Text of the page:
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From "Dennis E. Hamilton" <dennis.hamil...@acm.org>
Subject RE: Proposal: Apache Third Party License Policy
Date Thu, 21 May 2015 15:55:46 GMT
I don't understand these hyperbolic hypotheticals, and would ignore them except that the thread
has been continued.

 - Dennis

  -- replying inline to --
From: Lawrence Rosen [mailto:lrosen@rosenlaw.com] 
Sent: Wednesday, May 20, 2015 10:36
To: legal-discuss@apache.org
Cc: Lawrence Rosen
Subject: RE: Proposal: Apache Third Party License Policy

`Dennis Hamilton wrote:
> At no point in this lengthy discussion has the AOO PMC come forward
> with any such request.  As a member of that PMC, I don’t believe 
> there is a consensus for such an exception to be requested.
> I may be mistaken, but the evidence of that would be a request to 
> legal@ specifying the exception to be made in the case of certain 
> Category B licenses and how it would be limited and carried out.

Dennis is right as long as we limit ourselves to tinkering, one tiny step at a time with hundreds
of Legal-JIRA issues, every time a project like AOO proposes an exception. That's how the
board has insisted we do it in the past, and that's why I keep trying to FIX this problem.

How long will our list of exceptions become before we decide this is foolish? 


  I clarified a specific situation that was being used as exemplary of something bigger and
that is not actually being raised in pursuit of an exception.  To use something that has not
happened as a launching pad for speculations about tinkering is odd for me.  

  So, OK, how long *is* the list of exceptions?  And where is that list?  (I accept that there
are good reasons for there not being such a list, since it is important to treat each supposedly-exceptional
case on its specific merits.)

  Let's not confuse the raising of questions and even requests for exceptions with the identification
of exceptions to default practices.  

Let's not confuse the desires of projects to make something easy and the slow comprehension
of ASF principles that trump the convenience of developers.  These seem to be natural occurrences
that attend the maturing of ASF projects. 

The TL;DR:

(An offer to create an Apache Project with a code dump was abandoned recently when the submitter
found that the ASF does not accept projects under such conditions. That this frustrated a
misguided expectation of the offering party is unfortunate but was not taken as a material
reason to alter ASF principles or practices.)

The questions I see on the JIRA are usually about the extent with which (after removing hypotheticals)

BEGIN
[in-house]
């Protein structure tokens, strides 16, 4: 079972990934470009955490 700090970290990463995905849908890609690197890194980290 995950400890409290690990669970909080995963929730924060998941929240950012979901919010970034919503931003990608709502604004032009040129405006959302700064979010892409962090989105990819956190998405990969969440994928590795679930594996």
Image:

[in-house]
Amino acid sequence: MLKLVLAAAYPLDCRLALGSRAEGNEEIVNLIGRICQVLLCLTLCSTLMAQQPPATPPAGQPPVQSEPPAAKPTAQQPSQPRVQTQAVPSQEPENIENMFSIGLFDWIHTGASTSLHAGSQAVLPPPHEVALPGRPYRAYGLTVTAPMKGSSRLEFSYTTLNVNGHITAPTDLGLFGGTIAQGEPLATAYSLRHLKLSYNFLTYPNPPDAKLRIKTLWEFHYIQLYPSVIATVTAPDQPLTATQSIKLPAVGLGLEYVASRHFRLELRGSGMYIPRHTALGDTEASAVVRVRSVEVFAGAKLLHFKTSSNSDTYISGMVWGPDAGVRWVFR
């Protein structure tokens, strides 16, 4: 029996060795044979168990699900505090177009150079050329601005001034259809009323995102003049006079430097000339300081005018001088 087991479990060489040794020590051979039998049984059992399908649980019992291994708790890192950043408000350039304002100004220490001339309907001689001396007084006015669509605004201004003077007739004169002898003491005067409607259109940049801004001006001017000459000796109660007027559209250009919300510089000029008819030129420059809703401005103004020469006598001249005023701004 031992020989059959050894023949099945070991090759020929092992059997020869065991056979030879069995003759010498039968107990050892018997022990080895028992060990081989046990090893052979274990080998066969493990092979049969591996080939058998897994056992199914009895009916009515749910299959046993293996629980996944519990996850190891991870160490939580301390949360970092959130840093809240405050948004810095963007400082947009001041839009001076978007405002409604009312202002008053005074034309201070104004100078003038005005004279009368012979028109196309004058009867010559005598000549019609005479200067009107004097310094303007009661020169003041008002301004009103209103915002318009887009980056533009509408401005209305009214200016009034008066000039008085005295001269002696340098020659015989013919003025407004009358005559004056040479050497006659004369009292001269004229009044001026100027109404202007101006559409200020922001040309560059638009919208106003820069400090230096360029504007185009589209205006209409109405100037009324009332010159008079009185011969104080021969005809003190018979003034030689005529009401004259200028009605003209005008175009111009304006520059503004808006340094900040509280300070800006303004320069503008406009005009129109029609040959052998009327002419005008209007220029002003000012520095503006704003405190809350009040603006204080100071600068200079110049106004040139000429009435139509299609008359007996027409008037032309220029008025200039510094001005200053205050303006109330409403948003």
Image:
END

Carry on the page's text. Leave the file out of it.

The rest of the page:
a specific situation would comply with ASF principles or not.  Sometimes it is found to be
principled. It is perhaps an exception case to a default practice in the case of GPL2-licensed
writing-aid plug-ins for AOO and the constraints that are observed in the incorporation of
such plug-ins as part of binary distributions.  I suppose it is an exception to the extent
that such coupling is, as a general practice, to be regarded as unacceptable by default. 
Sometimes it is found that certain steps are necessary to satisfy ASF principles.  Sometimes
the proposed action is deemed out of bounds.

These seem to be ordinary situations that arise in the effort that project teams make to align
themselves with principles of the ASF that govern Apache project source-code releases and
the provenance of the code in those releases.

There are also principles that apply when there is no license clash whatsoever.  For example,
as a general practice, it is not OK for an Apache Project to automatically cherry-pick ALv2
source code that is not source code of an Apache Project.  There is another general principle
that fixes (as opposed to adaptations) be submitted upstream to the original source, under
the license of that source.

(There has been some railing about the fact that some significant adopters of Apache OpenOffice
Project ALv2 source code do not follow such practices.  Yet it is a principle of the ASF that
there are no such expectations.  The good open-source citizenship of ASF projects is not conditioned
on the good citizenship of others.  It takes a while for a project to internalize that principle,
along with accepting that, for the ASF, forking of a project is a feature.  Although the differences
in behavior can be unpleasant for the parties who feel exploited, on either side of the equation,
the principles stand.) 

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